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Hospital unveils improved facility for neonatal care

| Wednesday, July 14, 2004

Laura and Matthew Witt were so grateful for the care their premature triplets received at Magee-Womens Hospital, they wanted to pass on hope to other parents of preemies.

So the couple, both nurses, volunteered for the NICU Parent Advisory Committee, giving solicited advice to hospital officials designing a new neonatal intensive care unit, which was unveiled Tuesday.

The triplets' care couldn't have been any better when they were born four years ago, but now the facilities are, said Laura Witt, a Magee-Womens nurse.

Instead of incubators lined up one after another like cribs in a toy store, the new NICU gives babies and their families 150-square-foot rooms separated by walls to protect them from unwanted noise, light and other disturbances.

Officials at the Oakland hospital boast it is the nation's largest NICU, with private bays with solid walls instead of glass or curtain dividers. Babies will be moved into the new unit Aug. 10.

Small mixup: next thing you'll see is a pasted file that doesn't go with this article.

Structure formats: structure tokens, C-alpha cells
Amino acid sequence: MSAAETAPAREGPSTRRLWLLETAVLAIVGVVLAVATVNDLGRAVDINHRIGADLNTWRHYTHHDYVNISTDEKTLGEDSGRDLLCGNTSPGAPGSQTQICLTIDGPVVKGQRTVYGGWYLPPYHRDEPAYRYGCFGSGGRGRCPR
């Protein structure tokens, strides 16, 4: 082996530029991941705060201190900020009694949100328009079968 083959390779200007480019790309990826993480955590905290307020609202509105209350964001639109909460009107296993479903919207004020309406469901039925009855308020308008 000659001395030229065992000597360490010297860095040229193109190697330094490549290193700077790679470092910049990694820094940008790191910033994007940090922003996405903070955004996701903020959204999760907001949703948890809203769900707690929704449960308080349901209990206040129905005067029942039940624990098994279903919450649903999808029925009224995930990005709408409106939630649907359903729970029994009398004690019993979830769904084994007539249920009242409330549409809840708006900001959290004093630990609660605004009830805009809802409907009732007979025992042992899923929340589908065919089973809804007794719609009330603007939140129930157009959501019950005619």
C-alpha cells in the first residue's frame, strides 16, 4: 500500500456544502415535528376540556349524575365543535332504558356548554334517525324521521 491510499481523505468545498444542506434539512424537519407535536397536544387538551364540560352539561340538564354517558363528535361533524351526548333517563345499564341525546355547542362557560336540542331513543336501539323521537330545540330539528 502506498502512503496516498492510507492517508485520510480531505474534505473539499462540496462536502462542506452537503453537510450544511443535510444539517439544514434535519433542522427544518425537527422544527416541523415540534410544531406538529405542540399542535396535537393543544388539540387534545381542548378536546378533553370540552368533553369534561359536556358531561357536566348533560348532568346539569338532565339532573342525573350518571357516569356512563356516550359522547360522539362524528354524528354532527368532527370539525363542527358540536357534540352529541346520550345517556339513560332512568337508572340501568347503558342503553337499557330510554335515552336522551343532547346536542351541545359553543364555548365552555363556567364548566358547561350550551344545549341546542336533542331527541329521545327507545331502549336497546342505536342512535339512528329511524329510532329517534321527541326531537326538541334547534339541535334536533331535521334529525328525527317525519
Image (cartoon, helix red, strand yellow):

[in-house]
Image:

"We're here to take care of more than just babies; we're here to take care of entire families," said Dr. Jon Watchko, chief of neonatology.

At 31,657 square feet, the new NICU is twice as large as the existing unit, which opened in 1982 but holds the same number of beds -- 63. Fifteen incubators will be in an open unit, separated by curtains and better-suited to handle triplets and larger multiple births, Watchko said.

The family-friendly environment will help babies develop more normally, said Cheryl Milford, neonatal psychologist.

Along with the low-tech improvements, the new NICU will take advantage of high-tech equipment and monitors, which will send a number of alerts should a problem be detected, through audible and visual alarms, cell phones carried by nurses and a central monitoring station.

Nurses will use mobile computers to chart patients' progress, eliminating paperwork and clerical duties.

"It's a change, but the trade-offs for what it means to the family -- everybody buys into the positive aspects of that," Watchko said.

Magee-Womens opened its first NICU, the McKlusky Premature Nursery, in 1962.

Each year, Magee-Womens' NICU cares for about 1,100 newborns. About two-thirds are born prematurely -- as early as 23 1/2 weeks and as small as 1 1/2 pounds. The rest are near full-term babies who have medical problems, Watchko said.

Patients stay an average of two weeks in the NICU; 97 percent to 98 percent survive, he said.

Along with two existing "nesting rooms" used for overnight visits by families when the babies are about to be released, the new unit includes two overnight rooms for families with critically ill babies or for those who need to be nearby for other reasons.

The unit includes Austin's Playroom for siblings of NICU patients. It was established by Mario and Nathalie Lemieux in honor of their son, now 8, who was born prematurely and cared for at Magee-Womens.

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